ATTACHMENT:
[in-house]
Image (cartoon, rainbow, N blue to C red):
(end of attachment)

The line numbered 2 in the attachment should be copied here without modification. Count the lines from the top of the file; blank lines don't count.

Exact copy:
Image (cartoon, rainbow, N blue to C red):